Last year at this time, I did remember and actually blogged about blogging at ALA TechSource too. Remember the Points of Unity?
I’ll thank Blake for keeping TTW healthy and online. I’ll thank Kyle and Lee for contributing their time and viewpoints. And I’ll thank YOU – for reading, responding and for sending me little snippets to share.
So pretend I remembered this on April 1.
I just updated my Upcoming Presentations Page and I’m happy to say I’ve purposefully kept the summer clear of talks and travel. Since June 2004 when I started the doctoral program at UNT, I’ve been going non-stop. I am not teaching this summer as well. I have big plans: time at the lake, a mountain of books to devour, a hammock, and a chance to reconnect with family and friends. I’ll see many folks at ALA for sure..and may pick up a couple of talks, but I am ready for a needed break.
Just three more weeks of grading…grading…grading.
Tame The Web 2000
Originally uploaded by Russ and Lori
WOW! I’d forgotten about the pre-blog days…
In honor of the new year, you may be thinking about cleaning up at work or at home. Give this post a read at ZenHabits:
So I’ve boiled it down to a simple method of Four Laws of Simplicity (apologies to John Maeda) that you can use on any area of your life, and in fact on your life as a whole:
1. Collect everything in one place.
2. Choose the essential.
3. Eliminate the rest.
4. Organize the remaining stuff neatly and nicely.
We used to have spring cleaning day at SJCPL – I always called it a “pitch & throw.” These tips make the pitching and throwing even easier.
Welcome! TTW is now brought to you via WordPress! Thanks to Mr. Blake Carver, a gentleman and a scholar, for all of the assistance porting over the content and such to the new software. I feel like I’ve died and gone to WYSIWYG heaven!
Please update your feed readers, RSS portals, aggregators, etc to these new and improved Feedburner feeds, including a comment feed:
New Feed: http://feeds.feedburner.com/TameTheWeb
Comment Feed: http://feeds.feedburner.com/CommentsForTameTheWeb
I’d also like to welcome Kyle Jones and Lee Leblanc who will be contributing content from time to time. Find out more about them here: http://tametheweb.com/ttw-contributors/ Lee authored a popular guest post during my dissertation hiatus last summer. Kyle has just come on as my new graduate assistant at Dom.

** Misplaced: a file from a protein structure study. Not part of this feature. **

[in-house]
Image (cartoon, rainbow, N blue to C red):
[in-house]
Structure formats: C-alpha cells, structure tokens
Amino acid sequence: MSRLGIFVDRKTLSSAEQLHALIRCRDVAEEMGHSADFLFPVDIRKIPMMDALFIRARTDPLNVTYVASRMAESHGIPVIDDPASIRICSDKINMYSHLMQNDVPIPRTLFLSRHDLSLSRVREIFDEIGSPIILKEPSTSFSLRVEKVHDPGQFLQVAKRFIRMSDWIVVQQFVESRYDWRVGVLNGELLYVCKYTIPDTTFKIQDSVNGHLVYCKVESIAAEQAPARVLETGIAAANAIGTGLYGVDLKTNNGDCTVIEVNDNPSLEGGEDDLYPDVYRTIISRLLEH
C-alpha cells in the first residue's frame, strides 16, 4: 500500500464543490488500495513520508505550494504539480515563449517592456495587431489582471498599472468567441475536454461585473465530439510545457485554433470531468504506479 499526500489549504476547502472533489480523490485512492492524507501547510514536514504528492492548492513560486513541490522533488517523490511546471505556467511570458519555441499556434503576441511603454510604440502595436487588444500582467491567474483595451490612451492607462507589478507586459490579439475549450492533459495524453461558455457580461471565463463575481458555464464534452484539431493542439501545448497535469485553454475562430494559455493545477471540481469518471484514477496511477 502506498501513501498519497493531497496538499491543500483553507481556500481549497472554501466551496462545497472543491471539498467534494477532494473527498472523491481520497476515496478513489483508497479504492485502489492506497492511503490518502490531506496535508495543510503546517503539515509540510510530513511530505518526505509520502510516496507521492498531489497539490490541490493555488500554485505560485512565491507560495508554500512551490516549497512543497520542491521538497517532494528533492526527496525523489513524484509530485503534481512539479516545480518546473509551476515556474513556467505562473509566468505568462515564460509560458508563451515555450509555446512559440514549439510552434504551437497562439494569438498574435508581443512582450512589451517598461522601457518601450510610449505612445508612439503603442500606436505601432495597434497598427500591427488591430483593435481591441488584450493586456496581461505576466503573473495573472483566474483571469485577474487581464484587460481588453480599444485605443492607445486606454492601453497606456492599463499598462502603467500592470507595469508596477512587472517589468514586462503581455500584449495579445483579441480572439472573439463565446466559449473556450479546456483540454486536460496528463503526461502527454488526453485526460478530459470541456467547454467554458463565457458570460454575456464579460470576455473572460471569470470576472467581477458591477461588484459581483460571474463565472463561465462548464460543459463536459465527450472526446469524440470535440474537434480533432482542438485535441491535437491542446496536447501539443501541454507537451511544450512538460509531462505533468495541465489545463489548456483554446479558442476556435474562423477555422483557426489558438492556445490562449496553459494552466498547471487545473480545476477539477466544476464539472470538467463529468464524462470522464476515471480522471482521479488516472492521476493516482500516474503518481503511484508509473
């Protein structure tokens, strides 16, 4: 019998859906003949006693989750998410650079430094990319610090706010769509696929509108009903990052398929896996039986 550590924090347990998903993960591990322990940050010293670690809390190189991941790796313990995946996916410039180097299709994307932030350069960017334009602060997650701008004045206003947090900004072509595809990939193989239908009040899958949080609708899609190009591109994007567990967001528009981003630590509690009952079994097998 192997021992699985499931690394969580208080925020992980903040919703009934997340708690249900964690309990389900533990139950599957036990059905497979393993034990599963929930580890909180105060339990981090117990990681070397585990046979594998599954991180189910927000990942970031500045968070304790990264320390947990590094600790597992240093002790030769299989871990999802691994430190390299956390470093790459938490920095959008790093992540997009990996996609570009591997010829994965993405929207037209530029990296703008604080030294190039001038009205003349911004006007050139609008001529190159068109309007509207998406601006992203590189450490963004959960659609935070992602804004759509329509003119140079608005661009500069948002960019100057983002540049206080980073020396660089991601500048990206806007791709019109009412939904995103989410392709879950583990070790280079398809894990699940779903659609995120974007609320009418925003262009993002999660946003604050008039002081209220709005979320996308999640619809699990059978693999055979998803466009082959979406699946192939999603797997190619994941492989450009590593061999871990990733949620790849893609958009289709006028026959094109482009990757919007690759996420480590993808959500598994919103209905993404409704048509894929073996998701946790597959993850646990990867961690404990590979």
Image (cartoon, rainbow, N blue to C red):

I am also opening up the opportunity for other folks to do guests posts. I think it worked very well last summer to have new voices and new views shared here at TTW. Checkout the request for guest authors here: http://tametheweb.com/ttw-guest-authors/
Also, I’m sure there are a few glitches, bugs and the like with this migration. Please let me know if anything is out of whack. I’d appreciate any and all feedback as well about the new version of TTW. I may also call upon folks out there for some advice or help – for example, is there any way to make my fixed width content area fluid?
Finally – what better time to also look back at the various incarnations of TTW. Here’s the first version in an app called iBlog that I used for my first year of blogging, April 2003-March 2004.
The the second in Movable Type:
And then the re-do of the Movable Type version that Jessamyn created:
(Click here to view on black)
A special holiday Thank You to all who helped me on this year’s journeys: the PhD, the loss of Jake and Charlie, and the travel/presentations. Without the comments, emails, cards, letters and phone calls from my colleagues and friends scattered across our cyber world, the road would have been even harder.
This season please be well…hold family and friends close..and breathe.
TTW will be back in a few days with a new look! (yes, finally, WordPress!)